Blog Posts

The simplest Zend_Form decorator

I've been seeing ranting and general confusion about Zend_Form decorators (as well as the occasional praises), and thought I'd do a mini-series of blog posts showing how they work.

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Why Vim Plugins for IDEs Fail

I'm an unabashed Vim user. It has been my primary editor for over seven years now, when I switched to it to make it easier to edit files over SSH. At the time, I made myself use it exclusively for a month so that the habits would be ingrained, and took the time to go through vimtutor as well as to order and read Steve Oualline's Vim book. And when I say "exclusively," I mean it β€” I switched to using Mutt for email at that time, and also started doing all code development, outlining, and more in vim. And after a month, I realized I didn't want to use anything else.

Ironically, I find myself working for a company that sells an Integrated Development Environment (IDE). As a result, I've done some test runs with Eclipse, Zend Studio for Eclipse, and even NetBeans, to see what features they offer and to see if there would be anything compelling that might make me change my mind.

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Syntax Highlighting for Technical Presentations

Being a technical presenter, I've often run up against the issue of how to present code snippets.

The easiest route is to simply cut-and-paste into your presentation software. However, such code is basically unreadable: it's hard to get indentation correct, and the lack of syntax highlighting makes them difficult to read (syntax highlighting helps users understand the purpose of the various language constructs).

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Speaking at PHP Quebec

I'm speaking at PHP Quebec this week. While I live a scant 1.5 hours away from the venue, this is the first I've been to the conference. The snow gods have declared their wrath already, but I plan to thwart them and drive up to Montreal this evening regardless.

I'm giving two talks and participating in a panel discussion this week. The first talk is entitled "Practical Zend Framework Jutsu with Dojo," and, while it may look like a familiar topic of mine by this point, I've spent the last several days reworking the talk entirely, and am very much looking forward to presenting it tomorrow. (My copy of "Presentation Zen" could not have come soon enough! and that's all I'll say about that.)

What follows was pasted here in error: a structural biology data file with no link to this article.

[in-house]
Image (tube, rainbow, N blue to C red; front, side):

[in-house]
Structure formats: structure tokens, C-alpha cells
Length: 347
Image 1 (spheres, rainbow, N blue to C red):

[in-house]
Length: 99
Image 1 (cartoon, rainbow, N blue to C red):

On Friday, PHP Quebec has introduced a "Framework Bootcamp" track, including sessions by myself, Fabien Potencier of symfony, and Derick Rethans representing eZ Components. My talk that day is entitled "Zend Framework Little Known Gems." While hardly a completely original talk (Aaron Wormus did a "Hidden Gems" series of posts for DevZone a couple years back, and Zend's own Shahar Evron did a similar talk at last fall's IPC), this will be my first time doing a Zend Framework talk on something other than the MVC stack (or how to use components with the MVC stack). Leaving my comfort zone, so to speak.

Towards the end of the day, Fabien, Derick, and myself will be corralled onstage together for a "Framework Comparison".

If you're headed up to PHP Quebec this week, I look forward to meeting you or seeing you again!

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Recursively Destroying Dojo ContentPanes

I ran into an issue recently with Dojo's ContentPanes. I was using them with a TabContainer, and had made them closable; however, user actions might re-open tabs that pull from the same source. This led to conflicts with dijit IDs that I had to resolve.

Most Dijits have a destroyRecursive() method which should, theoretically, destroy any dijits contained within them. However, for many Dijits, this functionality simply does not work due to how they are implemented; many do not actually have any knowledge of the dijits beneath them.